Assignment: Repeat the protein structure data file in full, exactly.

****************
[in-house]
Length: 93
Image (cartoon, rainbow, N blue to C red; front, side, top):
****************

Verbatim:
[in-house]
Length: 93
Image (cartoon, rainbow, N blue to C red; front, side, top):